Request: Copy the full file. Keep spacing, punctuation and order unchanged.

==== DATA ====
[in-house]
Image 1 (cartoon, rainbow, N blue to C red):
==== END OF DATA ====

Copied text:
[in-house]
Image 1 (cartoon, rainbow, N blue to C red):